All four of the experts we spoke to for this piece agree on one thing: Clear plastic bins are the best for long-term storage. They offer protection from water and humidity, allow you to see what’s inside without unstacking and opening each one, and they also stack easily. (Delap suggests investing in the 50- or 66-quart sizes.) One more note when you’re choosing between containers? “Avoid bins with recessed interiors,” Burns warns, because so much space is unusable. Next, read up on the brilliant organizing shortcuts you’ll wish you knew sooner.

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Sources:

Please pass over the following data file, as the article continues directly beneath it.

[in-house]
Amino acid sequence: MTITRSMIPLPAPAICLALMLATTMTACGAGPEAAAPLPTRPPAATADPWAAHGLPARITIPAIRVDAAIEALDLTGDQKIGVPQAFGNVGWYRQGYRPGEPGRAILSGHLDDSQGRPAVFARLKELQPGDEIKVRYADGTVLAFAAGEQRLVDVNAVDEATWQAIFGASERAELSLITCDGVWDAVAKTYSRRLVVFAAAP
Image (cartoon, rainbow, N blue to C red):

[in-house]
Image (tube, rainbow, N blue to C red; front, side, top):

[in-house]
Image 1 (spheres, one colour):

Jamie Novak
Jamie Novak is a globally recognized professional organizer who regularly contributes to RD.com. She has more than 20 years of experience covering the home-organizing industry. Novak wrote Keep This Toss That: the practical guide to tidying up, a top selling book for Reader's Digest. She’s been seen on HGTV, QVC, and national morning talk shows. Her work has appeared in magazines from Better Homes and Gardens to Real Simple. Connect with Novak at JamieNovak.com, @JamieNovak, or using the hashtag #KeepThisTossThat